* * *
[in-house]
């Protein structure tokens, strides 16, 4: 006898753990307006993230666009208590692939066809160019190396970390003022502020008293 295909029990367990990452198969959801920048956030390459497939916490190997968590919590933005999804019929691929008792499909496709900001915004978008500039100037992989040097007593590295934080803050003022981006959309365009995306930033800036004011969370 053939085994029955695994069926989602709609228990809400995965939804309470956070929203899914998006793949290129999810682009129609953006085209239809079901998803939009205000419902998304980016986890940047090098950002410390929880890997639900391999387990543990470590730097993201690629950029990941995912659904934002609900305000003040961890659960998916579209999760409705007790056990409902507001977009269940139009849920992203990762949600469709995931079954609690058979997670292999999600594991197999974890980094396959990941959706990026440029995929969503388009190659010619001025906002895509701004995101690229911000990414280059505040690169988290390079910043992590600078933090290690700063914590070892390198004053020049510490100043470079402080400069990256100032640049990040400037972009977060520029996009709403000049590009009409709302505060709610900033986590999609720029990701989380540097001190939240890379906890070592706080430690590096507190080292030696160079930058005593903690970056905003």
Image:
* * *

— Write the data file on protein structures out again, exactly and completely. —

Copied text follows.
[in-house]
């Protein structure tokens, strides 16, 4: 006898753990307006993230666009208590692939066809160019190396970390003022502020008293 295909029990367990990452198969959801920048956030390459497939916490190997968590919590933005999804019929691929008792499909496709900001915004978008500039100037992989040097007593590295934080803050003022981006959309365009995306930033800036004011969370 053939085994029955695994069926989602709609228990809400995965939804309470956070929203899914998006793949290129999810682009129609953006085209239809079901998803939009205000419902998304980016986890940047090098950002410390929880890997639900391999387990543990470590730097993201690629950029990941995912659904934002609900305000003040961890659960998916579209999760409705007790056990409902507001977009269940139009849920992203990762949600469709995931079954609690058979997670292999999600594991197999974890980094396959990941959706990026440029995929969503388009190659010619001025906002895509701004995101690229911000990414280059505040690169988290390079910043992590600078933090290690700063914590070892390198004053020049510490100043470079402080400069990256100032640049990040400037972009977060520029996009709403000049590009009409709302505060709610900033986590999609720029990701989380540097001190939240890379906890070592706080430690590096507190080292030696160079930058005593903690970056905003």
Image: